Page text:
Twenty-one percent of US homeowners say they are “underwater,” or owe more on their mortgage than their home is worth, according to a new survey from the Pew Research Center.
Hispanics Most Likely to be Underwater
Although a small sample size (94 Hispanic homeowners surveyed) may skew results to some degree, Pew found that 41% of Hispanic homeowners owe more on their mortgage than their home is worth, compared to 35% of blacks and 18% of whites.
Lower-income, Unemployed Homeowners Have More Mortgage Problems
Not surprisingly, a higher percentage of unemployed homeowners (38%) than employed homeowners (20%) say they are underwater on their mortgage. In addition, percentage of homeowners with excess mortgage debt goes up as homeowner income bracket goes down.
For example, only 15% of homeowners with a family income of $75,000 or more are underwater, compared to 33% of homeowners with a family income of less than $30,000.
Westerners, 30-49-yr-olds Have Higher Excess Debt Rates
By region, the West has the highest rate of homeowners underwater (28%), closely followed by the South (23%). Lower rates are found in the Midwest (19%) and East (14%).
By age, 30-to-49-year-old homeowners have the highest incidence of excess mortgage debt (25%). The lowest rates are found among the oldest (65-plus, 15%) and youngest (18-29, 18%) homeowners.
4 in 10 Homeowners Think Walking Away OK At Least Sometimes
Nearly six in 10 (59%) homeowners believe it is wrong for homeowners to deliberately stop paying their mortgages and surrender their homes to the mortgage lender. However, two in 10 (19%) say it’s acceptable and an additional 17% say that it depends on the circumstances. The remaining 5% did not know or refused to answer.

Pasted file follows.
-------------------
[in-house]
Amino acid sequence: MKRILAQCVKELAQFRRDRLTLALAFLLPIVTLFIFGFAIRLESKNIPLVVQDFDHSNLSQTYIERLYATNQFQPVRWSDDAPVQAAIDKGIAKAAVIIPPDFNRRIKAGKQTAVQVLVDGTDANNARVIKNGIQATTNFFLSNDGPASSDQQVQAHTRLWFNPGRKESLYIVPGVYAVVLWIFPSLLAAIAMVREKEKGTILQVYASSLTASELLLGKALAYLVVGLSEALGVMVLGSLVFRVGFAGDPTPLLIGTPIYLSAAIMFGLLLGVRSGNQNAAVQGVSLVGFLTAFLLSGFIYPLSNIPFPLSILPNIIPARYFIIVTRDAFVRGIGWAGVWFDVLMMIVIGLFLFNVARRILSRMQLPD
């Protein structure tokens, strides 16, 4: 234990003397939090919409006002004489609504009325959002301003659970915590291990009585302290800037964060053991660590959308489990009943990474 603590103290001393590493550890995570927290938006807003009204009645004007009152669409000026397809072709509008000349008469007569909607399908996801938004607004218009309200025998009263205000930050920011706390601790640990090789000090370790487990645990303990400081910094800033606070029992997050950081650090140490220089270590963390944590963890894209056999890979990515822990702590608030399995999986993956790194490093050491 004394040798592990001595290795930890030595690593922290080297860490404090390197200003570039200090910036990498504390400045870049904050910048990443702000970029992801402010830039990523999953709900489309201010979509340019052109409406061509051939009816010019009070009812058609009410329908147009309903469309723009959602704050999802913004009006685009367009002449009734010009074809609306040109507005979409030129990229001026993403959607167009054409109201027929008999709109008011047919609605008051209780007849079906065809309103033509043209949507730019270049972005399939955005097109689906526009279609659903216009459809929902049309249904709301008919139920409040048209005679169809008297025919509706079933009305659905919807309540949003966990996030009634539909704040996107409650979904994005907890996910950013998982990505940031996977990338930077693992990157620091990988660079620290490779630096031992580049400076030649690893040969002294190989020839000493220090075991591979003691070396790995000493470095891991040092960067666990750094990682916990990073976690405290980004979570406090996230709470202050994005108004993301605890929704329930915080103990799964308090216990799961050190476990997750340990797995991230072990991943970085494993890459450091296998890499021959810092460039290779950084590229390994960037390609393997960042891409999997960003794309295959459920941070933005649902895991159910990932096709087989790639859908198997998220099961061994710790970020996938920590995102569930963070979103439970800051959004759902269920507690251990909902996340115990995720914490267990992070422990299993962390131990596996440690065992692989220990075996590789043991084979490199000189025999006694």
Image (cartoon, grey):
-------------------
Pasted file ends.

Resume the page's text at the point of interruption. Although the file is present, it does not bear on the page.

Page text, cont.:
Financial Circumstances Boost Acceptance of Walking Away
Nearly half (48%) of all homeowners say the value of their home declined during the recession, and as a group they are more likely than those whose home did not lose value to say it’s acceptable to renege on a mortgage (20% compared to 14%).
Renters are even more likely to say it’s okay to stop making house payments: Fully a quarter (25%) say it is acceptable to walk away.
Nearly one in four adults (24%) who say their families are just able to pay their monthly bills or can’t meet expenses say it’s okay to stop paying a mortgage, compared with 14% of those who say they “live comfortably.”
But homeowners who say their homes are worth less than what they owe are not more tolerant of the practice than those who would break even or make money on a sale (18% vs.17%).
Short-term Unemployment Hits Mortgages Hard
One-third of all long-term unemployed (33%) say they have had problems paying their rent or mortgage, identical to the proportion of those unemployed less than three months who experienced difficulty paying for housing, according to other recent data from Pew.
However, this proportion is more than double the share of Americans who have not been jobless at any point during the recession but who have had difficulty paying for housing during the recession (16%).
About the Data: Pew Research Center conducted a survey of 2,967 adults May 11-31, 2010.